Best Budget DSLR Cameras
DSLR cameras have always been a favorite for both amateur and professional photographers due to the top quality and the flexibility they afford. However, choosing the best fit for individual needs often proves a daunting task for most first-time buyers due to the immense diversity in models and critical specifications.
This guide was developed to assist those who are willing to take that extra and unusual step to know more before they commit to any model.
We’ll explore all the key areas involved such as what is DSLR? working of DSLR and its benefits. These include the functional mechanism, key factors to consider before any decisions are made, Our Top 6 recommended products and some of the best models on today’s market along with a few FAQs
Top 6 Best DSLR Cameras
Impeccable Optical system, durable design
Powerful lens, prism and highly convenient
Durable, powerful lens and sensor
Convenient, efficient system
Highly advanced system, solid construction
Reliable, advanced optical system
What’s a DSLR Camera, and how does it work?
DSLR is an abbreviation for “Digital Single Lens Reflex.” In layman’s terms, DSLR cameras combine digital and analog light processing mechanisms to exploit the advantages that come with both modes of operation.
Unlike mirrorless cameras, DSLRs incorporate a mirror that reflects light from the lens towards an eyepiece, known as the Optical Viewfinder. This represents the analog component of the camera.
The digital component consists of an image sensor, which reacts to the converging light rays from the lens. This reaction is further processed as a digital image which is fed to the optical viewfinder.
Mostly, DSLRs are a digitized version of the primary Single Lens Reflex Camera mechanism which we’ve discussed at great length in our best mirrorless cameras guide.
Now Let’s have a look at how different components of the DSLR camera come together to achieve its function
How a DSLR Camera Works
Let us look at the main components of the DSLR Camera before we get into the mechanics.
- Lens: Converges the incoming light rays to one point to form an image.
- The Mirror: It sits between the Shutter and lens. Reflects the light rays from the lens towards the Pentaprism.
- Shutter: Controls the amount of light reaching the image sensor through an opening and closing mechanism.
- Image Sensor: Detects the image and expresses it as electronic/digital data.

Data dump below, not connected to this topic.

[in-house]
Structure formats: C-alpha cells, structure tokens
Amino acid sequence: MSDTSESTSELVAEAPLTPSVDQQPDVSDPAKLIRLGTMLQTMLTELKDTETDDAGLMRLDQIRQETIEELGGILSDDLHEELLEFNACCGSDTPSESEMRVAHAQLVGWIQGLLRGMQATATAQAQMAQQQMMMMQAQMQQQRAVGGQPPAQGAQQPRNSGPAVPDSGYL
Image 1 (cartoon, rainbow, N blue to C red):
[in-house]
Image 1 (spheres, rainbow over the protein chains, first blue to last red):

- Pentaprism: Reflects light from the mirror to the Optical Viewfinder.
- Optical Viewfinder: An eyepiece for viewing the image and other relevant parameters.
A look into the optical viewfinder gives you an exact image of whatever you intend to capture. Light from an object or scene you are trying to capture strikes the lens and gets redirected (converged)towards the mirror, which is oriented at a 45-degree angle at a small distance behind the lens.
The mirror reflects the light rays in a vertical direction towards another component known as the Pentaprism. The Pentaprism then redirects the rays on a horizontal path towards the Optical Viewfinder where the image is presented to your eye.
But what happens when you hit the capture button?
Once you hit the capture button, it triggers a series of mechanisms which shift the mirror from the light beam’s pathway and open the shutter to let light through to the image sensor. The shutter stays open for a specific period to allow the image sensor adequate time to record the scene.
After this window, the shutter then closes, and the mirror gets back to its original position. The reaction from the sensor is then converted into digital information by the camera’s processor and stored as digital data in a storage device. Obviously, this process takes place at lightning speed, with some cameras being able to operate as fast as 11 times per second.
Key benefits of using DSLR Cameras
Enhanced Image Quality
DSLRs tend to come with enhanced image sensors, higher pixel ratings, which translate into improved image quality. In addition to the two parameters, they also typically come in with a wide range features which give them an extra edge over the traditional SLR camera.
By allowing the user to change lenses, the DSLR camera provides a highly adaptable system which can be used in a wide range of situations.
While the basic point-and-shoot camera can afford significant quality levels, a DSLR can accommodate a wide range of lenses with varying focal lengths, thus making it capable of achieving exceptional qualities.
When this is coupled with a range of accessories, the camera can simply be turned into an exceptionally versatile optical device.
When it comes to image processing speed, start-up and focusing, DSLR tends to come out as one of the fastest devices on the market.
Due to the optical mirror and Pentaprism apparatus, DSLRs ensure that the image is a replica of the real object. This is critical for more effective fine-tuning of the necessary parameters.
More comprehensive manual Controls
While other types such as point-and-shoot cameras incorporate the manual mode, DSLRs come with a more comprehensive set of manual controls. This allows the photographer a more comprehensive way of tailoring the settings to specific needs. If you are an experienced photographer, this proves a valuable tool to have at your fingertips.
Though there is a huge difference when it comes to the lenses among DSLRs. The type of lenses on DSLR lenses tend to be superior to the ones you can find on other types such as point-and-shoot cameras. Most DSLR’s lenses come in larger and feature additional properties to enhance their efficiency when handling light rays.
What to look for in a DSLR camera
Due to the overwhelming diversity of models on the market, most buyers have to deal with the question: what exactly should I look for in a DSLR camera? The answer isn’t usually that easy, as there is a myriad of factors that need to be considered carefully in light of individual needs.